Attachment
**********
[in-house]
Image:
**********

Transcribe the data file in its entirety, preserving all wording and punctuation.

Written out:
[in-house]
Image: